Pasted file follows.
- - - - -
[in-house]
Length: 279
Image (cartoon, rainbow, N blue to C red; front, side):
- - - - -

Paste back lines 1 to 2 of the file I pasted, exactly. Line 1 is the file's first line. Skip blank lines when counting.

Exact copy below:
[in-house]
Length: 279